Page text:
However, if the software is designed to have a link on all pages, why remove it if you want to give credit to the author? The footer links don't hurt you (unless you are linking to some bad neighbourhood).

Edited by A.N.Onym, 14 July 2006 - 06:51 AM.


#9 JohnMu

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Posted 14 July 2006 - 06:51 AM

What I like to do is convert the link into a javascript link in an external script. That way I reduce the exposure in the search engines. My forums have been hacked too often based on traceable "google-hacks" (eg someone searching for "powered by phpBB v2.x.x" and clicking through to the site, only to send off a script a few minutes later). I have no problem with giving credit where the author wants credit, I just don't feel that a search-engine visible link is any different. I doubt they will get much out of those site-wide links (especially from my domains, ha ha), so I don't see much of an SEO influence anyway. For that reason, I usually also remove the version number, if I can.

A "real" hacker will still be able to track signatures of my sites and the software used and they will still be able to recognize the version number and crack the script - but those 99.997% script-kiddies will go find somehting easier. I doubt a real hacker would bother with my sites (but you shouldn't count on it) so I feel safe enough that way.

I don't think single-script solutions (eg phpBB) are much of a problem, you can update those "relatively" easily (if only a bit easier ...). Really problematic are those multi-script things, portals and such, where you don't even know which scripts are involved and which ones need to be updated (and how). It's worse than Windows - 100's of patches from 100's of places and no central update-service. Argh! That's why I like to stay away from things like that :D

John

Edit: rereading my posting... it almost sounds like I always remove the links: in fact, I usually leave them in place, especially if I feel that the author needs them or the script is something really special. :)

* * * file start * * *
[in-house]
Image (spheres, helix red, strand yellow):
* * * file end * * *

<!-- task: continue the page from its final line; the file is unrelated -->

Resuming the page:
Edited by softplus, 14 July 2006 - 07:41 AM.


#10 manager

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Posted 14 July 2006 - 08:13 AM

rereading my posting... it almost sounds like I always remove the links: in fact, I usually leave them in place, especially if I feel that the author needs them or the script is something really special.

Yes John I hear what you are saying,
Come to think of it, you can see this issue from a dual perspective :)

TreV

#11 projectphp

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Posted 14 July 2006 - 08:22 AM

I always change the notice if I can. Footprints matter, and having the same as everyone else can really huurt. Even just changing the wording to "This software made by" from "powered by" can have a dramatic effect in reducing hack attempts. Here, we actually turned the copyright into an image. Same link, same everything, just an image rather than text :)

#12 manager

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Posted 14 July 2006 - 08:27 AM

projectphp,

On the specific point you raised about

Even just changing the wording to "This software made by" from "powered by" can have a dramatic effect in reducing hack attempts.

Are html comments searchable, sorry if that's a silly question.

TreV

#13 projectphp

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Posted 14 July 2006 - 08:58 AM

No, they shouldn't be.

However, sometimes, improperly formed comments can end up being searchable. Your best bet, if in doubt, is to test. put a unique string in a comment and search for it.

When it comes to wanting to shange a software signature, I wouldn;t take the risk myself. Who knows when/if an SE will get their parsing code wrong, exposing yourself to the world. Best to not include it at all IMHO :)

#14 dgeary9

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Posted 14 July 2006 - 10:30 AM